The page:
In the analyzed narrative “Surrogate alcohol poisoning in Siberia”, the rumors are presented in the German version by means of an evidential design in boldfaced with the verb “sollen”. At the same time, the author of the text expresses uncertainty about the accuracy of the message, communicating simultaneously with both the reader (informing him of the information and implementing the (Quantity) principle) and the source of information that is simultaneously a character of the narrative communicative action (assessing the authenticity of the reported proposition and thereby uses (Informational value) - principle, dosing epistemological responsibility):

Russische Behörden nahmen am Mittwoch elf Verdächtige fest, die das Mittel produziert und verkauft haben sollen . “On Wednesday, Russian law enforcement authorities detained eleven suspects who, according to their data, were producing and selling an alcohol surrogate. A similarly structured speech event occurs during the fake news: “76: 0 in favor of methanol” The “Boyaryshnik” case develops in a given format. On Wednesday, the information channels reported: “The chief of the Irkutsk region police is accused of negligence in the case of poisoning with “Boyaryshnik”; “The head of the Irkutsk police is suspected of negligence”; “A high-ranking police officer was arrested”; “The chief of the Irkutsk police is detained” etc. Of course, this is fake. In reality, a typical switchman was detained - the head of the precinct police department and only in one of the eleven city police departments. Denis Cheremisin, 33, graduated in 2005 from a local technical university, a former district police officer.

In the example presented above, fake decoding takes place, which is represented in the opposition newspaper Novaya Gazeta. In this fake, from the position of the narrator, the information is given in quotes (this explicits the communication of the narrator and the character), but, nevertheless, it is addressed to the reader, who is received through the prism of the author’s selection on the subject of its correlation with real reality (this speech action, based on the above, it can be qualified as an interaction in the dyads of “the author of the text (narrator) - the character being described” and “the character being described is the reader”).

M (Manner) principle: What is depicted according to an unconventional pattern describes an atypical state of affairs (Levinson, 2000). M (Manner) principle describes speech behavior of the speaker and the recipient:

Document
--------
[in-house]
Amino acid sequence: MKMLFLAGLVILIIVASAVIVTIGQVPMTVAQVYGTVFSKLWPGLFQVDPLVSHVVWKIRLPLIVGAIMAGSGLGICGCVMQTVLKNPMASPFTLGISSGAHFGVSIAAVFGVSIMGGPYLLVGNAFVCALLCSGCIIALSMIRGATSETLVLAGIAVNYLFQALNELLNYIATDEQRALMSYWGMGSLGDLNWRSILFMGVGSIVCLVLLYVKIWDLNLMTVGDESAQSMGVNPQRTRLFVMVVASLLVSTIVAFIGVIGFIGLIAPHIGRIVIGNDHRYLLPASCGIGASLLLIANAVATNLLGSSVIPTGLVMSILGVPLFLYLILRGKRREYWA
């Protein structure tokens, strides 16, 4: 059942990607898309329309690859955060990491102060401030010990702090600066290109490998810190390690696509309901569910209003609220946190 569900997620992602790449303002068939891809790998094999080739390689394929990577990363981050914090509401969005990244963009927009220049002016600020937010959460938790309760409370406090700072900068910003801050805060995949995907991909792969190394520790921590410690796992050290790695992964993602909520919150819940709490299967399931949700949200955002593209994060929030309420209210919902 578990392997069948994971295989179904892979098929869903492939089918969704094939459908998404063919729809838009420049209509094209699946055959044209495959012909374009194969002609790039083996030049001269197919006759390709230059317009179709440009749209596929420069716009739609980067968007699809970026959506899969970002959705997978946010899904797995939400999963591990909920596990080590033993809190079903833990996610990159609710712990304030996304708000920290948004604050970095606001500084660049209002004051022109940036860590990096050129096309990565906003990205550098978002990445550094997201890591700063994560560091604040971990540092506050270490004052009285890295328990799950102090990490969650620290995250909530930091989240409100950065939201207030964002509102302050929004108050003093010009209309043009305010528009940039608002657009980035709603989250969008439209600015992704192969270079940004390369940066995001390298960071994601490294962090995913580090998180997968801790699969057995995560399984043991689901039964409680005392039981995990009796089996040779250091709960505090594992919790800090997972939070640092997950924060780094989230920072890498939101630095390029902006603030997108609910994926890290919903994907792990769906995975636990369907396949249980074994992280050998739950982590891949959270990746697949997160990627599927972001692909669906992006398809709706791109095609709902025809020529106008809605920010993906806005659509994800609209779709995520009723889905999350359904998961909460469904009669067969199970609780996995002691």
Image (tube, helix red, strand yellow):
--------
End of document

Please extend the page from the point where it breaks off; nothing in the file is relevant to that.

Speaking person: Do not use a tagged expression for no reason.

Addressee: What is said in a marked manner is not unmarked.

If we consider this principle from the standpoint of synergetics, then the tagged expression can be identified with “points of attractiveness”, which are understood as “attracting attention, interest fragments of verbal, visual and acoustic series (“tidbits”),“breaking linear text” and working on discrete type of modern perception of information” (Ruzhentseva, 2017). First of all, they should include headings and headings complexes. So, for example, the heading “Mehr als 70 Tote durch alkoholhaltigen Badezusatz” (More than 70 people died after drinking alcohol-containing bath lotion) was built using expressive inversion, which implies, in addition to factual information, its meaningful conceptual assessment by the narrator, i.e. regret for the high death toll from alcohol poisoning.

Anecdotes in the composition of newspaper narrative are also points of attraction, which explicate the set of principles described above, which is presented in the example below, where the old Soviet joke marks the naturalness of drunkenness as features of the national Russian mentality: Auf der Straße wird Parfüm verkauft. Eine lange Warteschlange bildet sich. Als ein Mann 20 Flakons verlangt, gibt es Proteste. Aber ein anderer Kunde ruft: “Lasst ihn doch! Vielleicht will er ja eine Hochzeit feiern.” Den Witz erzählten sich die Russen schon während der Perestroika unter Michail Gorbatschow . - “They sell perfume on the street.” The consumers form a huge queue. When one man asked for 20 bottles of perfume, the queue began to protest. But one of the buyers exclaimed: “Leave him alone! Perhaps he will have a wedding”. Russians told this anecdote already during perestroika under Mikhail Gorbachev.

Intertextual inclusions as points of attractiveness are also quite common in the analyzed material, where a modified quotation from Hamlet implements the above-mentioned conversion principles: Question - to drink or not to drink? - for a certain and quite impressive mass of fellow citizens cannot stand in principle, they will drink, but since they are constrained in means, they will look for what is more accessible.